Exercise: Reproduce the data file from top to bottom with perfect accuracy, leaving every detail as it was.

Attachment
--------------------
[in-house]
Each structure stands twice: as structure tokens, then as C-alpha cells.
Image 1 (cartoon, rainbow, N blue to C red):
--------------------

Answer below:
[in-house]
Each structure stands twice: as structure tokens, then as C-alpha cells.
Image 1 (cartoon, rainbow, N blue to C red):